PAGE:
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When it comes to tax enforcement, data and technology aren’t always the answer

Can technological solutions help governments capture greater tax revenues for development? We look at the evidence from Senegal...

Governments around the world mobilise tax revenue to provide public goods, redistribution and social insurance. Unfortunately, efforts to raise revenue are often hampered by high levels of non-compliance. In response, tax administrations carry out audits on their taxpayers to uncover tax evasion and punish evaders. In rich countries, data from third-parties and algorithms are used successfully to detect fraud and guide audit selection. But would similar data-driven strategies fare well in other contexts?

Senegal’s tax administration engaged in a small revolution of its enforcement activities over the past years. It digitized and assembled all available data sources linked to the economic activity of firms and their taxes. It used this information to predict fraud by constructing risk indicators, which followed international best practices. For example, firms with abnormally high deduction, or firms with large deviation between self-reports and third-party reports were flagged as suspicious.

How taxpayers get selected for audits

The digitization efforts and risk indicators allowed the tax administration to select firms in a data-driven manner. This contrasted with the traditional discretionary audit selection: inspectors often picked the largest and most visible firms, and when selecting smaller firms, they used their experience and soft information. The discretionary method has its strengths and weaknesses: well-trained and experienced inspectors may perform better than algorithms in detecting potential tax evasion, since algorithms can only work with encoded data, but are prone to biases.

Starting in 2018, the tax administration ran part of its audit selection in a data-driven way, while the remaining part continued to be selected directly by tax inspectors. Over the past years, the tax administration expanded the number of tax centres that use the new audit selection method, and by 2021 all tax centres in Senegal selected half of their audit cases in this manner.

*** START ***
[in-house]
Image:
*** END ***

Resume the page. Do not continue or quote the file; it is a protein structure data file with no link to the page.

Comparing audits selected by technology vs. by tax inspectors

The two methods select very different taxpayers for audits: inspectors select firms with much larger reported sales. Although in theory inspectors are supposed to complete the entire audit program determined at the beginning of the year, in practice, they rarely undertake all cases. The algorithm’s cases were 18% less likely to be started compared to discretionary cases, reflecting inspectors' preferences for their own cases. However, the execution rates improved from 2018 to 2020, as the result of repeated information sessions about the algorithm.

Comparing the results for algorithm and discretionary cases actually conducted does not improve this picture, however. Despite presenting multiple risks, the algorithm-selected audits were slightly less likely to present any irregularity compared to the inspector-selected cases. For cases that presented irregularities, evaded amounts were equivalent. Thus, audits selected by the algorithm were less likely to be started, slightly less likely to show any irregularity, and when irregularities were found, showed a similar level of non-compliance.

Towards a long-term improvement in tax capacity?

The at-scale implementation of best international practice in audit selection by a tax administration is a stark example of tax capacity building. Senegal’s tax administration made important efforts to centralise and digitise relevant data sources, build risk indicators, and change their audit selection method. Unfortunately, choosing audits via a risk-based algorithm did not uncover more tax evasion, highlighting the challenges in using data to improve audit selection relative to a discretionary method based on inspectors’ experience and private knowledge.

In our view, the results reinforce what many practitioners already know: changing key institutional practices (and their power structure) with a top-down technological approach is not guaranteed to produce results in the short to medium-term. Technologies that might work successfully in rich countries' contexts cannot be easily replicated in developing countries. The successful implementation of data-driven audit selection hinges on high-quality data, fine-tuning indicators to local firm practices, and convincing inspectors of the importance of an objective audit selection mechanism. This takes time, and it is too early to tell how much current practices can be improved.

Senegal’s efforts in modernising its audit selection process is praiseworthy, and keeps on expanding: its data lab has become institutionalised and now covers more types of taxes and taxpayers; the data-driven selection of audits continues with more inputs by inspectors into the design of risk indicators; and as audit results data gets digitised, formal evaluations are underway. These evolutions could generate a virtuous cycle of cooperation between the data unit leading the technological change and tax inspectors, which will ensure that in the long-term data and algorithms are a productive part of the tax audit arsenal.

Authors:

Pierre Bachas is an Economist in the Macroeconomics and Growth Team in the Development Research Group at The World Bank. Alípio Ferreira Cantisani is a researcher at Toulouse School of Economics. Both are also researchers on the Economic Development and Institutions collaborative research programme led by Oxford Policy Management. See the project details here